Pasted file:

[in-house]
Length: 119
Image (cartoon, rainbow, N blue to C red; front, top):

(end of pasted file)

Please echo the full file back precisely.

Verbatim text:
[in-house]
Length: 119
Image (cartoon, rainbow, N blue to C red; front, top):